In accordance with this invention, the sensor coil 40 having a permanent magnet 42 therein at one coil end, is preferably provided with a core member 44 of a soft iron alloy or other ferromagnetic material disposed within the remainder of the length of the coil and is also provided with a ferromagnetic shell 46 which is disposed around the periphery of the coil and which is magnetically connected to the core at the opposite coil end. Typically for example, a cylinder 48 of a soft iron alloy is provided with two chambers 48.1 and 48.2, with a flange or wall 48.3 separating the chambers, and with an aperture 48.4 extending between the chambers, as shown in FIG. 2. The permanent magnet 42 is then abutted, or cemented or otherwise secured, to a soft iron core member rod 44 and the coil 40 is wound on the magnet and on a portion of the core. The resulting structure is then secured within the shell chamber 48.1 by press-fitting a portion of the core member into the aperture 48.4. The ends of the sensor coil 40 are then extended through additional apertures (not shown) to serve as sensor leads 28 and 29 which are potted in the chamber 48.2 in any conventional manner as indicated at 49 and which are electrically connected to apropriate terminals 30 of a motor vehicle skid control. In this arrangement, the core member 44 is magnetically connected to the ferromagnetic shell 46 by the flange 48.3 at the end of the coil opposite from the first coil end 40.2. Preferably the shell 46 is proportioned so that the end face 46.1 of the shell has a surface area substantially greater than the area of the magnet pole face 42.1.
The motor vehicle skid control 31 or the like to which the speed sensing mechanism of this invention is electrically connected is of any conventional type. Typically, for example, the sensing mechanism is connected to the speed sensor terminals of a skid control system such as that shown in the copending, commonly assigned application for patent Ser. No. 266,798 filed June 27, 1972, now U.S. Pat. No. 3,982,793, wherein, as will be understood, the sensing mechanism cooperates with that skid control system in regulating braking of the vehicle wheel 16 in accordance with speed determinations made by the mechanism with respect to the wheel.
In accordance with this invention, the sensor 14 is mounted at the sensing station 38 by the adapter 18 with the magnet pole face 42.1 spaced closely adjacent to the plane of movement 36 of the ferromagnetic means 34 on the exciter wheel so that, while allowing reasonable tolerances in manufacture and mounting of the sensor and exciter wheel, the spacing b between the magnet pole face and the plane 36 is as small as possible while still permitting free rotation of the exciter wheel free of interference with the magnet pole face.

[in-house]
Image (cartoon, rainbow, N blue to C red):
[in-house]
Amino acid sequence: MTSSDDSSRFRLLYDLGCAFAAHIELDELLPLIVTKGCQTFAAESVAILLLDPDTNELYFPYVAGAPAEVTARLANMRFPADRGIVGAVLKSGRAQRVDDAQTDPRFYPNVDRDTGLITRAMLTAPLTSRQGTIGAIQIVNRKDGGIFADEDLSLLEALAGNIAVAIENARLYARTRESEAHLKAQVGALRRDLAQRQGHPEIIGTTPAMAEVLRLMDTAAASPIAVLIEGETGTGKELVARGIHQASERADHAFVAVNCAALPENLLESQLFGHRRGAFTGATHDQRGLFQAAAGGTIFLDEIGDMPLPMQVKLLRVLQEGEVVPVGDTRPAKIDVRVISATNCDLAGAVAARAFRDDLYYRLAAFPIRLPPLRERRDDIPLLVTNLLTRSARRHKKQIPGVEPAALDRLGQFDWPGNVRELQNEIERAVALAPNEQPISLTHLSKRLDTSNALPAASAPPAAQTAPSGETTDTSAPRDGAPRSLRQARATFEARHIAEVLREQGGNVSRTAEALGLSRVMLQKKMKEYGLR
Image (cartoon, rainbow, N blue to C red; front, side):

In operation of the sensing mechanism 10, the permanent magnet cooperates with the exciter wheel 12 and with the shell 46, the flange 48.3 and the core 44 to form a magnetic circuit for the magnet flux provided by the permanent magnet, the spacing of the magnet pole face 42.1 from the exciter wheel 12 constituting an air gap in that magnetic circuit. Accordingly, with the magnet pole face spaced closely adjacent to the plane of movement 36 of the ferromagnetic means 34 on the exciter wheel, the air gap, and therefore the reluctance of the magnetic circuit, is varied significantly as each of the individual ferromagnetic means 34 is moved through the sensing station past the pole face during exciter wheel rotation. Accordingly, an electrical signal is induced in the sensor coil 40 during each such variation in reluctance so that the frequency of the output signal provided by the sensor coil corresponds to the speed of rotation of the exciter wheel, thereby to provide an electrical indication of the speed of rotation of the vehicle wheel 16.
As the permanent magnet 42 is formed of a rare earth-cobalt material having an inherently high available energy product, the magnet is adapted to be very small while still providing high flux density in the noted magnetic circuit to assure provision of an output signal of adequate amplitude by the sensor coil without requiring an excessive number of turns in the sensor coil. The use of the small magnet permits the pole face 42.1 of the magnet to have a small width to assure that, although a large number of small, closely spaced ferromagnetic means 34 are provided on the exciter wheel to increase information output from the exciter wheel, no more than one of such ferromagnetic means is moving past the pole face at any given time. In this way, certain noise increments in the signal provided by the sensor coil are avoided. Further, use of the small magnet permits the ferromagnetic core 44, flange 48.3 and shell 46 to be incorporated in the sensor to serve as flux return path means while still retaining the desired small and compact size of the sensor 14. Further, the use of the small rare earth-cobalt magnet with its inherent steep magnetization characteristic and the disposition of the small magnet at one end of the sensor coil assure that leakage flux from the magnet itself does not tend to pass through the sensor coil so that the signal output by the sensor coil does not include any significant noise increment due to such leakage flux. Most important, the steep magnetization characteristic and the high permeability of the rare earth-cobalt material and the disposition of the small magnet at a location immediately adjacent to the air gap b assures that there is minimum flux fringing in the air gap and that there is minimal variation in the reluctance of the noted magnetic circuit due to tolerance-related variations in the air gap or due to air gap variations caused by rapid vibration of the exciter wheel 12. Accordingly, the sensing mechanism 10 of this invention is adapted to be economically manufactured and mounted with reasonable tolerances for use in the skid control system without risk that the electrical output produced by the sensor coil will have an excessively low signal to noise ratio and without risk that vibrations of the exciter wheel such as might occur while a heavy vehicle is braking on a steep hill could result in an erroneous signal output by the sensing mechanism.